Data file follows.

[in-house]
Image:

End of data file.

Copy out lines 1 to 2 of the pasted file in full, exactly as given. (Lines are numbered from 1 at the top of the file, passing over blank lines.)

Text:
[in-house]
Image: